Cancer is one of the biggest killers in the world, accounting for nearly 10 million deaths in 2020, according to the World Health Organisation.
Although many cancers can be cured if detected early and treated effectively, new research “reveals that less than half of 18-to-24-year-olds can identify any of the five main warning signs of cancer in young people” says the Teenage Cancer Trust.
“You have the best chance at survival and a healthy quality of life if your cancer is diagnosed and treated in its early stages,” explains Healthline.
That said, a lack of awareness and education about cancer symptoms could be a thing of the past, thanks to new AI development.
“Harvard Medical School did a collaboration with the University of Copenhagen where they trained these AI models on millions of people’s health records in Denmark” explains Dr Karan Raj on TikTok.
Researchers at Harvard Medical School and the University of Copenhagen were able to develop an AI with the potential to identify people at risk of pancreatic cancer up to three years before diagnosis.
Dr Karan Raj explains the AI could pick up on subtle changes and medical notes, and whether a patient developed health risks such as gallstones, anaemia, and Type-2 diabetes – all potential signs of developing pancreatic cancer.
Why is it important?
A paper published in Nature Medicine suggested that AI-based population screening could be useful for “identifying high-risk individuals and could help accelerate detection of malignancy often diagnosed at advanced stages.”
“Only 12% of patients are alive after five years, and it’s pretty much the same all over the world,” Søren Brunak, PhD, professor of disease systems biology and director of research at the University of Copenhagen says. “It’s also on the rise – not for very well-known reasons. So the unmet need in this domain is quite significant.”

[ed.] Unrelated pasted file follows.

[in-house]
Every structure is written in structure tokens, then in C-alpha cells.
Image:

How does it work?
“We looked at whether it would pick up many of the known risk factors because, when we have trained an algorithm, we can do this explainability exercise through which we try to look at the parameters in a neural network that trigger it toward coming up with a diagnosis of pancreatic cancer,” explains Brunak.
“During the training, the AI algorithm identified patterns suggestive of pancreatic cancer risk based on disease trajectories. It identified diagnoses such as gallstones, anaemia, type 2 diabetes and other gastrointestinal conditions as predictive of risk for pancreatic cancer.”
Earlier this year, an AI tool designed by experts at the Royal Marsden NHS Foundation Trust, the Institute of Cancer Research, London, and Imperial College London found they could identify whether abnormal growths found on CT scans were cancerous.
“This is an important step forward in being able to use AI to understand which patients are at highest risk of cancer recurrence,” says Dr Richard Lee, a consultant physician in respiratory medicine and early diagnosis at the Royal Marsden NHS Foundation Trust.
Most importantly, “detecting this relapse sooner so that re-treatment can be more effective,” he adds.